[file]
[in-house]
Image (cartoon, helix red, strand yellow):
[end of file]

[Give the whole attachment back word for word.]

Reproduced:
[in-house]
Image (cartoon, helix red, strand yellow):